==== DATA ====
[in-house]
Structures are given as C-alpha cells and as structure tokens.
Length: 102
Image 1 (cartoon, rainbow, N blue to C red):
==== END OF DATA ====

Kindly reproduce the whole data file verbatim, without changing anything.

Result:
[in-house]
Structures are given as C-alpha cells and as structure tokens.
Length: 102
Image 1 (cartoon, rainbow, N blue to C red):